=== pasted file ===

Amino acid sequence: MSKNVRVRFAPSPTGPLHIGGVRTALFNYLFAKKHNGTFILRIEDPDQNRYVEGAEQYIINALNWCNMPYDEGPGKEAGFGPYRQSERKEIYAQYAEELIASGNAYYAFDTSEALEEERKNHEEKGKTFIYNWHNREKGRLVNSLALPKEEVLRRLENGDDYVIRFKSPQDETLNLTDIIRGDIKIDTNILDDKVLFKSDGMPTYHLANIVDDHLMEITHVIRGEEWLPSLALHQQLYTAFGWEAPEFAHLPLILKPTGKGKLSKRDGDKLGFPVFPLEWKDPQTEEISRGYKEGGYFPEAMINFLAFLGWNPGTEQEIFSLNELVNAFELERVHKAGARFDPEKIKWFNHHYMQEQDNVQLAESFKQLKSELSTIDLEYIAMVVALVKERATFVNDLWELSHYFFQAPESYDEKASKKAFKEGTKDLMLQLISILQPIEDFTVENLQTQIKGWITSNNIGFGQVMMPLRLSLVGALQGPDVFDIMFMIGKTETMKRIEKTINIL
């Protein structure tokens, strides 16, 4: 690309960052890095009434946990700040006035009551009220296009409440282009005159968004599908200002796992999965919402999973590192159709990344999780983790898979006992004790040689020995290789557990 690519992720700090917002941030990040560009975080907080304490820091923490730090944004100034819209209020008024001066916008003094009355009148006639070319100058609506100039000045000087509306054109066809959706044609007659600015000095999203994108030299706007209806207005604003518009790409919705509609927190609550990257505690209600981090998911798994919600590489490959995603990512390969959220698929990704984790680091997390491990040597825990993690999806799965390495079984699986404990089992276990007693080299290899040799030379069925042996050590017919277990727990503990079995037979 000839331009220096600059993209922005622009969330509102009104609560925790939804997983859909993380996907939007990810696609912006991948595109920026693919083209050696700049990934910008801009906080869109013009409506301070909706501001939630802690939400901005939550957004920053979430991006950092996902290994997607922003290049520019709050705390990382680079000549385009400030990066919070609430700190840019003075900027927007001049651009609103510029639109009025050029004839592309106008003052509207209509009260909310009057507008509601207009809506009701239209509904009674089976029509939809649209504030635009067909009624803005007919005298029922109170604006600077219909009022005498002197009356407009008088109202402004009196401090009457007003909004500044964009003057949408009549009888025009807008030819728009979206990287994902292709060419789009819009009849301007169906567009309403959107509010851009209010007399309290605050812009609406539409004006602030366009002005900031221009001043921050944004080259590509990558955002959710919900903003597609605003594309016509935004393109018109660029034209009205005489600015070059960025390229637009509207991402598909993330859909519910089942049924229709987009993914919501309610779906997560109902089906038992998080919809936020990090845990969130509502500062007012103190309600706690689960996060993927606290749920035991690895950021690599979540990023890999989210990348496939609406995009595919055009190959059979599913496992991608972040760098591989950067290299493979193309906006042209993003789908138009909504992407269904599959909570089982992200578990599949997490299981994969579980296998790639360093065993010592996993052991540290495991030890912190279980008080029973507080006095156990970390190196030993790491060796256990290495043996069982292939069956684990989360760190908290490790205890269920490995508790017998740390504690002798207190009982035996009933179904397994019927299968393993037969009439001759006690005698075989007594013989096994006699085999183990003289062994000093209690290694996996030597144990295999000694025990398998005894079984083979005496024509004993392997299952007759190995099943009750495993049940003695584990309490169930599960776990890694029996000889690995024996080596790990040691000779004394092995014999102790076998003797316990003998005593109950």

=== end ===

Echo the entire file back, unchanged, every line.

Amino acid sequence: MSKNVRVRFAPSPTGPLHIGGVRTALFNYLFAKKHNGTFILRIEDPDQNRYVEGAEQYIINALNWCNMPYDEGPGKEAGFGPYRQSERKEIYAQYAEELIASGNAYYAFDTSEALEEERKNHEEKGKTFIYNWHNREKGRLVNSLALPKEEVLRRLENGDDYVIRFKSPQDETLNLTDIIRGDIKIDTNILDDKVLFKSDGMPTYHLANIVDDHLMEITHVIRGEEWLPSLALHQQLYTAFGWEAPEFAHLPLILKPTGKGKLSKRDGDKLGFPVFPLEWKDPQTEEISRGYKEGGYFPEAMINFLAFLGWNPGTEQEIFSLNELVNAFELERVHKAGARFDPEKIKWFNHHYMQEQDNVQLAESFKQLKSELSTIDLEYIAMVVALVKERATFVNDLWELSHYFFQAPESYDEKASKKAFKEGTKDLMLQLISILQPIEDFTVENLQTQIKGWITSNNIGFGQVMMPLRLSLVGALQGPDVFDIMFMIGKTETMKRIEKTINIL
């Protein structure tokens, strides 16, 4: 690309960052890095009434946990700040006035009551009220296009409440282009005159968004599908200002796992999965919402999973590192159709990344999780983790898979006992004790040689020995290789557990 690519992720700090917002941030990040560009975080907080304490820091923490730090944004100034819209209020008024001066916008003094009355009148006639070319100058609506100039000045000087509306054109066809959706044609007659600015000095999203994108030299706007209806207005604003518009790409919705509609927190609550990257505690209600981090998911798994919600590489490959995603990512390969959220698929990704984790680091997390491990040597825990993690999806799965390495079984699986404990089992276990007693080299290899040799030379069925042996050590017919277990727990503990079995037979 000839331009220096600059993209922005622009969330509102009104609560925790939804997983859909993380996907939007990810696609912006991948595109920026693919083209050696700049990934910008801009906080869109013009409506301070909706501001939630802690939400901005939550957004920053979430991006950092996902290994997607922003290049520019709050705390990382680079000549385009400030990066919070609430700190840019003075900027927007001049651009609103510029639109009025050029004839592309106008003052509207209509009260909310009057507008509601207009809506009701239209509904009674089976029509939809649209504030635009067909009624803005007919005298029922109170604006600077219909009022005498002197009356407009008088109202402004009196401090009457007003909004500044964009003057949408009549009888025009807008030819728009979206990287994902292709060419789009819009009849301007169906567009309403959107509010851009209010007399309290605050812009609406539409004006602030366009002005900031221009001043921050944004080259590509990558955002959710919900903003597609605003594309016509935004393109018109660029034209009205005489600015070059960025390229637009509207991402598909993330859909519910089942049924229709987009993914919501309610779906997560109902089906038992998080919809936020990090845990969130509502500062007012103190309600706690689960996060993927606290749920035991690895950021690599979540990023890999989210990348496939609406995009595919055009190959059979599913496992991608972040760098591989950067290299493979193309906006042209993003789908138009909504992407269904599959909570089982992200578990599949997490299981994969579980296998790639360093065993010592996993052991540290495991030890912190279980008080029973507080006095156990970390190196030993790491060796256990290495043996069982292939069956684990989360760190908290490790205890269920490995508790017998740390504690002798207190009982035996009933179904397994019927299968393993037969009439001759006690005698075989007594013989096994006699085999183990003289062994000093209690290694996996030597144990295999000694025990398998005894079984083979005496024509004993392997299952007759190995099943009750495993049940003695584990309490169930599960776990890694029996000889690995024996080596790990040691000779004394092995014999102790076998003797316990003998005593109950």